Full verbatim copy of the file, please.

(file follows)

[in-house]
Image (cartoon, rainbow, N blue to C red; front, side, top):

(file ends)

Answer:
[in-house]
Image (cartoon, rainbow, N blue to C red; front, side, top):